Breakfast At Tiffany's

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Confessions of a Nobu Virgin

Part of: Hollywood , LA , Slice of Life

Breakfast: toasted blueberry bagel with apple butter

*Originally published at MovieCityNews.com

By Tiffany Stone

As we got onto PCH, Kate got anxious. “Are you sure I am dressed okay?” Kate was wearing a strapless black dress with a push-up bra.

“You’re fine,” I assured her. “Stop stressing. It’s no big deal there. People wear jeans and T-shirts. You know Malibu.”

“Great—I am overdressed? You have to take me home right now,” Kate demanded, as if her life depended on it.


“Come on Kate,” I reasoned.” You said you wanted to stand out.” Kate was quiet except for her whimpers. I made an illegal u-turn.

Back at Kate’s apartment, I cleared off a section on her bed and sat down. Kate tried on a skirt with spiked boots, a tank top with leather pants, a peasant blouse, a bustier, and then I spaced out. I looked at Kate’s bedroom wall. She had recently painted it a light pink. Pictures of her favorite actors, actresses, and movie posters cluttered one wall. A nude photo of Kate was mixed in. She was sprawled on a raft in a pool. Greta Garbo and Rita Taylor were right and left of her, respectively. Nice.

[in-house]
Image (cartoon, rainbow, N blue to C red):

Above her bed she had taped affirmations. I was tired of seeing the Anthony Robbins and Deepak Chopra quotes. Not everyone in the world could be abundantly prosperous. People, wake up.

Affirmation to self: “Actors do not make good friends, only acquaintances.” Maybe I would make this into a screensaver.